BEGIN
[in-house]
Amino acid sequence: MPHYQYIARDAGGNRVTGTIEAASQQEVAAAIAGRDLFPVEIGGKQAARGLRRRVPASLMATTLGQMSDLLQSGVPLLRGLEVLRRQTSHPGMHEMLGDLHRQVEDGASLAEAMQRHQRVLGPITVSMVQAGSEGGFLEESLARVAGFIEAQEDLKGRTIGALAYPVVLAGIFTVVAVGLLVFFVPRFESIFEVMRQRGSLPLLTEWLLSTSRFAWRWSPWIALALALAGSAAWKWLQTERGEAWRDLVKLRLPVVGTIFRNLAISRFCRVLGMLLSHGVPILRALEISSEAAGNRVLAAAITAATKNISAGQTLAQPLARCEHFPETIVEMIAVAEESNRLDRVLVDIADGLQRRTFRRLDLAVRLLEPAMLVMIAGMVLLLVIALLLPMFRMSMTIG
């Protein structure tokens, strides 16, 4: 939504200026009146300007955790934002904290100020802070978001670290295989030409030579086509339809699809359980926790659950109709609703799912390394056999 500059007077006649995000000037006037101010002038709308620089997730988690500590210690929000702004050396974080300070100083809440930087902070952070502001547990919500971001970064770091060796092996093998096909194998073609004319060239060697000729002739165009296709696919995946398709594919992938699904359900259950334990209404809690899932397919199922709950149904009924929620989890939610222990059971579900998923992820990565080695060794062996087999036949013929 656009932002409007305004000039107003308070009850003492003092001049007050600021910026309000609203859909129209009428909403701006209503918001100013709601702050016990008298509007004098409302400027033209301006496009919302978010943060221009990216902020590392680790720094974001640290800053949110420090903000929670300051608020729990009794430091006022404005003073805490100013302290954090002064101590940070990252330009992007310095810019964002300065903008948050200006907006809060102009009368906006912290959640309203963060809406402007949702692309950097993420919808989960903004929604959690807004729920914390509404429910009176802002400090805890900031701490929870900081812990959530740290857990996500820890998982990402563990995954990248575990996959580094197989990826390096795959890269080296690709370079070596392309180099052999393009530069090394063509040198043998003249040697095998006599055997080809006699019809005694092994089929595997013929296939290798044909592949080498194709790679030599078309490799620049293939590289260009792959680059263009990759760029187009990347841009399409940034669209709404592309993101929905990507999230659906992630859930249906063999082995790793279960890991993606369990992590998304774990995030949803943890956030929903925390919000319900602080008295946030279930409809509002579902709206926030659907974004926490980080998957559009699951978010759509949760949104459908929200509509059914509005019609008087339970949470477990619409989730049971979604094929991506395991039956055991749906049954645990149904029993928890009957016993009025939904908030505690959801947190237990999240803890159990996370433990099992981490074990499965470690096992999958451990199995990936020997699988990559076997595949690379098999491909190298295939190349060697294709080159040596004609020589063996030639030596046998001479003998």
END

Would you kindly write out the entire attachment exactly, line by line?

[in-house]
Amino acid sequence: MPHYQYIARDAGGNRVTGTIEAASQQEVAAAIAGRDLFPVEIGGKQAARGLRRRVPASLMATTLGQMSDLLQSGVPLLRGLEVLRRQTSHPGMHEMLGDLHRQVEDGASLAEAMQRHQRVLGPITVSMVQAGSEGGFLEESLARVAGFIEAQEDLKGRTIGALAYPVVLAGIFTVVAVGLLVFFVPRFESIFEVMRQRGSLPLLTEWLLSTSRFAWRWSPWIALALALAGSAAWKWLQTERGEAWRDLVKLRLPVVGTIFRNLAISRFCRVLGMLLSHGVPILRALEISSEAAGNRVLAAAITAATKNISAGQTLAQPLARCEHFPETIVEMIAVAEESNRLDRVLVDIADGLQRRTFRRLDLAVRLLEPAMLVMIAGMVLLLVIALLLPMFRMSMTIG
């Protein structure tokens, strides 16, 4: 939504200026009146300007955790934002904290100020802070978001670290295989030409030579086509339809699809359980926790659950109709609703799912390394056999 500059007077006649995000000037006037101010002038709308620089997730988690500590210690929000702004050396974080300070100083809440930087902070952070502001547990919500971001970064770091060796092996093998096909194998073609004319060239060697000729002739165009296709696919995946398709594919992938699904359900259950334990209404809690899932397919199922709950149904009924929620989890939610222990059971579900998923992820990565080695060794062996087999036949013929 656009932002409007305004000039107003308070009850003492003092001049007050600021910026309000609203859909129209009428909403701006209503918001100013709601702050016990008298509007004098409302400027033209301006496009919302978010943060221009990216902020590392680790720094974001640290800053949110420090903000929670300051608020729990009794430091006022404005003073805490100013302290954090002064101590940070990252330009992007310095810019964002300065903008948050200006907006809060102009009368906006912290959640309203963060809406402007949702692309950097993420919808989960903004929604959690807004729920914390509404429910009176802002400090805890900031701490929870900081812990959530740290857990996500820890998982990402563990995954990248575990996959580094197989990826390096795959890269080296690709370079070596392309180099052999393009530069090394063509040198043998003249040697095998006599055997080809006699019809005694092994089929595997013929296939290798044909592949080498194709790679030599078309490799620049293939590289260009792959680059263009990759760029187009990347841009399409940034669209709404592309993101929905990507999230659906992630859930249906063999082995790793279960890991993606369990992590998304774990995030949803943890956030929903925390919000319900602080008295946030279930409809509002579902709206926030659907974004926490980080998957559009699951978010759509949760949104459908929200509509059914509005019609008087339970949470477990619409989730049971979604094929991506395991039956055991749906049954645990149904029993928890009957016993009025939904908030505690959801947190237990999240803890159990996370433990099992981490074990499965470690096992999958451990199995990936020997699988990559076997595949690379098999491909190298295939190349060697294709080159040596004609020589063996030639030596046998001479003998």